Dr Elisabeth Wearne: Going to hospital – Emergencies

Listen to patients and health professionals speak about their experience with taking multiple medicines.

Dr Elisabeth Wearne
Main occupation: General practitioner
Years in clinical practice: 7
Qualifications: MBBS, FRACGP

Dr Elisabeth Wearne, GP, describes what patients can expect to happen regarding their medicines if they go to hospital in an emergency and what to expect if changes are made to their medicines while they are in hospital. 

Dr Wearne:

Most situations where patients go to hospital as an emergency, they'd be encouraged to take their medicines with them or have a family member bring their medications in with them. Or, if they are going to the hospital from the GP's surgery, usually the GP would send some form of communication with them to the hospital that would include a current, up-to-date list of the medications or up-to-date on the doctor's system. It might not be up-to-date with what's actually going on. So patients could expect that, in hospital, any changes that would be made to their regimen would be explained to them, that those changes would be then relayed back to the GP, once that patient was sent home. 

It doesn't happen enough, but that should be the expectation and that patients should know what's happening with their regular medications, while they're in hospital and when they go home.


So, if a patient has their usual medicines changed in hospital, they should stay with what the hospital recommended when they are discharged and go home?

Dr Wearne:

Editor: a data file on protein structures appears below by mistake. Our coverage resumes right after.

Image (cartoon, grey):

Yes, I think so, but they'd want to have a good understanding of why and they'd want to make sure that the hospital actually lets the GP know too, so that change can be continued, but certainly when they leave hospital … if their medication’s changed, it will be for a reason and often it's that someone's clinical situation has changed in hospital. I’m just trying to think of an example. 

There's a lady I know who has COPD and heart failure and she regularly gets infections and needs to be in hospital. And they often have to change the doses of some of her heart medication while she's in hospital. But she frequently comes home, not understanding why or what the change is and the change often isn’t communicated with me, so I can't explain it to her either. We’re both in the dark! There have been times where that's been a problem and that's actually caused problems with her blood pressure and her angina. So, communication is really important.

To print this page use Control+P on a PC, or Command+P on a Mac.

The Living with multiple medicines project was developed in collaboration with Healthtalk Australia.